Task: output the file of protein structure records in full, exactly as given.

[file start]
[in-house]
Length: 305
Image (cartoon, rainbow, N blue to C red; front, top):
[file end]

[in-house]
Length: 305
Image (cartoon, rainbow, N blue to C red; front, top):